In the Department of Literature of the Jewish People, students discover the spiritual and cultural riches of Hebrew and Jewish literature throughout history.

They gain a practical foundation rooted in theory and methodology for studying Jewish literature by those in the mainstream and those at the margins.

The program emphasizes the chronological history of Hebrew and Jewish literature as well as the textual dialogue between various historical eras and Jewish languages, viewing these as part of a single cultural tapestry.

The program emphasizes literature from diverse Jewish communities across the globe, in Israel and the Diaspora, and across different historical eras, in Hebrew and in other languages spoken by Jews.



Master’s degrees in the Department of Literature of the Jewish People are offered in two different tracks:

Track A: Research Track: Thesis required, total of 14 hours/week (28 credits)

Track B: Non-Research Track: No thesis required, total of 18 hours/week (36 credits)



The department offers master’s degrees in both research and non-research tracks in the fields of Contemporary Hebrew Literature, Medieval Literature, and Rabbinic Literature and Midrash.

In addition, students may specialize in one of the following four areas:

  1. Creative Writing (non-research track only)
  2. Ladino: Dissemination of Ladino Culture (research and non-research tracks)
  3. Hasidic Literature (research and non-research tracks)
  4. Russian-Jewish Literature (research and non-research tracks)


Institutions and Research Centers:


The Salti Institute for Ladino Studies

The Institute for Ladino Studies offers students interdisciplinary programs on Ladino literature and language throughout history and the world, including the study of oral culture as well as written texts. Students in the center work on research projects in line with their educational background and research interests, with the aim of integrating various fields in the study of Ladino language, literature, and culture. The Institute awards several unique scholarships. If students require supplementary courses, these may be provided on an individual basis. Students must have sufficient knowledge of Ladino to undertake research, and must find a research advisor before registering and interviewing for the program.


The Rena Costa Center for Yiddish Studies

The Center for Yiddish Studies prepares students to write a master’s thesis on Yiddish Literature or the connections between Hebrew and Yiddish Literature. Students who choose this track will receive language training that gives them sufficient command of the language to conduct research in Yiddish, namely to be able to read literary and scientific texts in Yiddish and write about Yiddish literature. In the course of preparing for their master’s degree, students will write research papers on the ancient Yiddish of the sixteenth and seventeenth centuries, on modern Yiddish, and on various aspects of Yiddish literature: poetry, prose, drama and newspapers, as well as the historiography of Yiddish literature. Students must have sufficient knowledge of Yiddish to undertake research.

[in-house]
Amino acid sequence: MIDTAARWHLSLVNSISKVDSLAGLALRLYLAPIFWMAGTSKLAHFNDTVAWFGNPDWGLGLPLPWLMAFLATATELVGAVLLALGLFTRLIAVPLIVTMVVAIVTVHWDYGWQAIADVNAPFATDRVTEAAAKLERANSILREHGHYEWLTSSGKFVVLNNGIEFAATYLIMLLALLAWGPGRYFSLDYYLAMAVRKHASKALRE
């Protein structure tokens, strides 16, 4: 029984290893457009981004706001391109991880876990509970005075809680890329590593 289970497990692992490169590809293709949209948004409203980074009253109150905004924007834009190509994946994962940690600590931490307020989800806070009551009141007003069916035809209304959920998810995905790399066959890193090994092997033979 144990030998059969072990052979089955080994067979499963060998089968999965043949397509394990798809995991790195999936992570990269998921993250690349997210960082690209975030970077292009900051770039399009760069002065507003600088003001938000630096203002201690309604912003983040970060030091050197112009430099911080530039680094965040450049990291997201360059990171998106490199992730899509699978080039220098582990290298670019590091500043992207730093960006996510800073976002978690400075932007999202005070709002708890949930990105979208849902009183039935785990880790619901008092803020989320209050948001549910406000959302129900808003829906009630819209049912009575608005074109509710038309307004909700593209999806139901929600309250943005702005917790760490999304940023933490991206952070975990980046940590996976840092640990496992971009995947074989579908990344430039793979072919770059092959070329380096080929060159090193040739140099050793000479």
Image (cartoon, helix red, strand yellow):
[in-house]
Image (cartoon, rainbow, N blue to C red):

Prerequisites for the Master’s Program:

  • Bachelor’s degree in Jewish Literature or other field with a minimum grade point average of 76
  • Personal interview
  • Applicants may be required to complete supplementary courses as determined on an individual basis
  • Students interested in the research track must find an academic advisor before registering


Track A – Research Track (thesis required)

Hours and Courses:

14 hours/week (28 credits) as detailed below:

1 course in aesthetics (required) — 2 hours/week (4 credits)

2 seminars — 4 hours/week (8 credits)

Electives —7 hours/week (14 credits)

1 course in academic writing (required) — 1 hour/week (2 credits)



See the general guidelines for writing a thesis, in the introductory chapter of the handbook for the School of Graduate Studies.

Students must submit their research proposal by the end of the first academic year.


Knowledge of Foreign Languages:

English at a Master’s Degree level (for details regarding placement tests, course levels, and criteria for exemption, consult the introductory chapter of the handbook for the School of Graduate Studies).

Additional foreign language (for research track only): determined by academic advisor


Background in Jewish Studies:

In accordance with the general requirements for a master’s degree (see the introductory chapter of the handbook for the School of Graduate Studies).


Department Events:

Students must regularly participate in department events throughout the year, including academic colloquia, seminars, and conferences.


Track B – Non-Research Track

Hours and Courses:

18 hours/week (36 credits) as detailed below:

1 course in aesthetics (required) — 2 hours/week (4 credits)

3 seminars — 6 hours/week (12 credits)

Electives — 10 hours/week (20 credits)